Poems To Live By: ‘Love (III)’

There is nothing like a satisfactory meal. The only thing which can possibly improve on it is a meal with people you love and value. Or, even greater, people who love and value you. The food, the drink, the pleasure of good company can somehow make an ordinary moment transcendent.  The world is full of fast-food fixes; there is often too little time in the modern need to be productive to move away from the flickering screen to eat, let alone to make the most of company, of relationships, of love. I suppose the internet, social media and a society obsessed with data and results and productivity did not affect George Herbert a great deal. There is much we can still learn from the past, even from a seventeenth-century poet. His masterpiece is possibly the greatest poem on love in the English language. Simone Weil called it ‘the most beautiful poem in the world’. It is hard to disagree. Here it is:

Love bade me welcome. Yet my soul drew back
Guilty of dust and sin.
But quick-eyed Love, observing me grow slack
From my first entrance in,
Drew nearer to me, sweetly questioning,
If I lacked any thing.

A guest, I answered, worthy to be here:
Love said, You shall be he.
I the unkind, ungrateful? Ah my dear,
I cannot look on thee.
Love took my hand, and smiling did reply,
Who made the eyes but I?

Truth Lord, but I have marred them: let my shame
Go where it doth deserve.
And know you not, says Love, who bore the blame?
My dear, then I will serve.
You must sit down, says Love, and taste my meat:
So I did sit and eat.

Another thing that our world, or the western world at least, seems to have little time for is theology. That wasn’t the case for Herbert. His life, like many of his contemporaries, was wrapped up in the bible and in theology. When you consider the richness of the culture such people produced – just think of Herbert’s contemporary, John Donne – not only in poetry but in art and science and philosophy, we may have been a little presumptuous in throwing God out of our lives so quickly when the opportunity arose. For Herbert, theology was not simply an area of study. God was not a dictator who had given a set of rules which must be kept. Or else. The stress on the first word of the poem sums it up: ‘Love’. ‘Lord’ and ‘Love’ are synonymous in this dramatic poem as, for Herbert, God is love.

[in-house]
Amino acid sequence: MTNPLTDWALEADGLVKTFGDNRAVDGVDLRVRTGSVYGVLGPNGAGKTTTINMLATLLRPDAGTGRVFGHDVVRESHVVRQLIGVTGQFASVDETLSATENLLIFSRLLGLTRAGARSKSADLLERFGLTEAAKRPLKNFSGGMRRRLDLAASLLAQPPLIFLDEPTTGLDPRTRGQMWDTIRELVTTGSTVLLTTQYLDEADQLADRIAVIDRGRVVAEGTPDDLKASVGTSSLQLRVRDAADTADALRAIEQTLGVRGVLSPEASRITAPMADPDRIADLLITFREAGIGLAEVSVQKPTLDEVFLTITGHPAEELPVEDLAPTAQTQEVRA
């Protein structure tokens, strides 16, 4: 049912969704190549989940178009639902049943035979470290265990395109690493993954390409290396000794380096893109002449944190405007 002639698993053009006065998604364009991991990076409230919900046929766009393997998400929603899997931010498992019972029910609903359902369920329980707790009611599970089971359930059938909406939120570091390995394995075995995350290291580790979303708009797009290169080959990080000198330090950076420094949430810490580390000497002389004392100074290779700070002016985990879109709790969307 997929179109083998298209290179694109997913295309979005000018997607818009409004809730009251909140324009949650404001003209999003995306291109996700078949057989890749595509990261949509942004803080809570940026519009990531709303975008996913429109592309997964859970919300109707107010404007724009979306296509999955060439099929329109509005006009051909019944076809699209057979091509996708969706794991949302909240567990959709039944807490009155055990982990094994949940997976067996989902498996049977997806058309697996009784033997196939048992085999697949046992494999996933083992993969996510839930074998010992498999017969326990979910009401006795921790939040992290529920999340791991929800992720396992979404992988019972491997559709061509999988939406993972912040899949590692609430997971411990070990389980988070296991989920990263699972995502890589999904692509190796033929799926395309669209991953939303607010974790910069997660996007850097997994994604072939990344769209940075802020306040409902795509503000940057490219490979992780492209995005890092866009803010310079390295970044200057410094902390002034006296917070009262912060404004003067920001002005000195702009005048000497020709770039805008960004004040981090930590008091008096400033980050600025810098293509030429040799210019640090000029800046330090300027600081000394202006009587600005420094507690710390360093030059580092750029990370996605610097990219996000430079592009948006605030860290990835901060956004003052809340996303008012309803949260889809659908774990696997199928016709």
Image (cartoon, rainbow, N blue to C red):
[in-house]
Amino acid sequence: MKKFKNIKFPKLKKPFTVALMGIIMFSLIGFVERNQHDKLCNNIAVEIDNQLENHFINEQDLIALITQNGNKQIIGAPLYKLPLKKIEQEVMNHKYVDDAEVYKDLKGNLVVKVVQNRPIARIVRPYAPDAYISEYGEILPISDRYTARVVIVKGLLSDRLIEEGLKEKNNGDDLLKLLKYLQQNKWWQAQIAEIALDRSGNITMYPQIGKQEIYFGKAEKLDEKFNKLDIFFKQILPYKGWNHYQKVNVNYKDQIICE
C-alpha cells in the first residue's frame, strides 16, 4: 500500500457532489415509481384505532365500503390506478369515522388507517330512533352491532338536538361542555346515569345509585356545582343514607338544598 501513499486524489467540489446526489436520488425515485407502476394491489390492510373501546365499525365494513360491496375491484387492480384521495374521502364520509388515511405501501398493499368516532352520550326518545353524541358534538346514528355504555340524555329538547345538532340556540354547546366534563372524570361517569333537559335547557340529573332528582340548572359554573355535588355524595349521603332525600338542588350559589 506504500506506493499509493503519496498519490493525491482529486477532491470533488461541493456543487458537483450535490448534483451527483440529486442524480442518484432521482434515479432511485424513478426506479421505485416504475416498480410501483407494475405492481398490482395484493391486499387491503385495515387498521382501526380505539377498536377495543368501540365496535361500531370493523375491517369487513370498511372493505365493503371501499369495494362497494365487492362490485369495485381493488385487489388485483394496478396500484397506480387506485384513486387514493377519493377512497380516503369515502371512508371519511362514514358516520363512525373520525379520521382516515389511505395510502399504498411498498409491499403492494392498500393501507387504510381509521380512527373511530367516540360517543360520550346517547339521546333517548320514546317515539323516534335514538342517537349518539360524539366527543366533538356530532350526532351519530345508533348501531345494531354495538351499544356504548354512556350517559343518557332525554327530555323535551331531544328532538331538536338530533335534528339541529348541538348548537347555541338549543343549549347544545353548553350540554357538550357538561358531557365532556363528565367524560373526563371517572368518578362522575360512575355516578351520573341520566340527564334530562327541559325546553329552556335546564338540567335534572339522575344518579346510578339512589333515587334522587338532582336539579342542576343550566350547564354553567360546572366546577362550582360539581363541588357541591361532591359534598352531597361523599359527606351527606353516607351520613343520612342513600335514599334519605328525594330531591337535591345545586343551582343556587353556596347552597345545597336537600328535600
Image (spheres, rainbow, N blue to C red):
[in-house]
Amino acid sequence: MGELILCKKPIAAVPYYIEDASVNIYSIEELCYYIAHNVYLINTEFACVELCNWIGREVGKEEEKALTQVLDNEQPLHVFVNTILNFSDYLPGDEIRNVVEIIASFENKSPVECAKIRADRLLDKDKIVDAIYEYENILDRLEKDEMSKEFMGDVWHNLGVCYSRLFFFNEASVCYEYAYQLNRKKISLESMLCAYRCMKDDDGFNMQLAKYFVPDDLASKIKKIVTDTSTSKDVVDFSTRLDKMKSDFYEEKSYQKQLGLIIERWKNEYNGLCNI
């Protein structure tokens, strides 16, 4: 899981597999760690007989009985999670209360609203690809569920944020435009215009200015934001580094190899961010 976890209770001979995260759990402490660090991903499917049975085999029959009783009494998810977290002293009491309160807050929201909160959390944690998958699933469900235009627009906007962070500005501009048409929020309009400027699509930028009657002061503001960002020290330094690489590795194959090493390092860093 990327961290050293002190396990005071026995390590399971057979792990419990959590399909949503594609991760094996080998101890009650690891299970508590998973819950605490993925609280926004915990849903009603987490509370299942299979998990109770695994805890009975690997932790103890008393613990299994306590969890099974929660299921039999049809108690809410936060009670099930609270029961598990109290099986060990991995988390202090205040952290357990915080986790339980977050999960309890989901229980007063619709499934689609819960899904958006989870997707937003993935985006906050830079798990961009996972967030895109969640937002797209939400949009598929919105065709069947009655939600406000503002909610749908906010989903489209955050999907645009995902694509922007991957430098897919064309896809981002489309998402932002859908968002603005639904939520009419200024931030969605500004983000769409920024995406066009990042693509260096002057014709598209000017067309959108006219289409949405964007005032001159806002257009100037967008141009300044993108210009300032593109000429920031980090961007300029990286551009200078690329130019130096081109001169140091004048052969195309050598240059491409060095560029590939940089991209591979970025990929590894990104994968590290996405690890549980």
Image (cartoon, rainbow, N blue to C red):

But there are two halves to that opening line. While ‘Love bade me welcome’, ‘my soul drew back’. The poem follows this conversation between God and the poet. The poet feels all those things we feel when we are faced with someone so good we feel unworthy, embarrassed, ill-at-ease in their presence. This is not a meeting of equals. Herbert is worthless, ‘Guilty of dust and sin’, ‘unkind, ungrateful’, ashamed and undeserving.

This is real love, however. The love we all crave for, the love we all need. Love which notices our needs before we even put them into words. A ‘quick-eyed Love’. A love which will draw nearer, despite our undeservedness. After all, ‘Love’ doesn’t say to the poet to be so foolish, that he’s got the wrong view of himself. It’s a love which will not judge. Indeed, it’s a ‘Love that took my hand’: personal, gentle, caring. A love that will bear ‘the blame’. A love which forgives. A love which forgets. A love which makes up our ‘lack’.

I wish I was loved like that. I wish I loved like that.

The greatest is still to come though. The poet accepts the welcome but cannot conceive of doing anything more than serving. I guess we might all have been forgiven but the coldness has lasted a while longer. Not here. The rhyme is conclusive. There is something better which real love offers. It offers to ‘taste my meat (feast)’. The poet must ‘sit and eat’. The rhyme and those verbs, ‘sit’, ‘eat’, are satisfying to the poem’s dialogue and satisfying to our ears, to our senses. There is resolution. And not just an answer. It is a resolution so rich in sensory pleasure. The sound of the poem, its finality and the thing it describes: the joy, the pleasure, the beauty of sitting and eating with those we love and those who love us. It is nourishing and life-giving.

For Hebert it is made transcendent because it is the very definition of Love for him who sets the food before him. It is God himself. Face-to-face with such love, Herbert feels that he is worse than he can comprehend. But he also feels that he is loved more than he can comprehend.

We all need love. It is, as many have noted, our constant concern. Rarely has the power that love can bring and what it does to the individual been described so beautifully as in this poem. So beautiful that is survives in our godless world as an echo of what resonates in all our hearts, whether we believe or disbelieve. To love and to be loved unconditionally is, ultimately, what we all need. Is all we need.